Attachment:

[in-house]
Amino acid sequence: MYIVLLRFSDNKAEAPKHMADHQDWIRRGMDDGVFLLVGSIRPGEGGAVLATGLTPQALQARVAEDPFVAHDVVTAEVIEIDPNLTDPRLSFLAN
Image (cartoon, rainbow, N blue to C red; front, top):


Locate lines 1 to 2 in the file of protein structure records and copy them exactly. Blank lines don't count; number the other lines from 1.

[in-house]
Amino acid sequence: MYIVLLRFSDNKAEAPKHMADHQDWIRRGMDDGVFLLVGSIRPGEGGAVLATGLTPQALQARVAEDPFVAHDVVTAEVIEIDPNLTDPRLSFLAN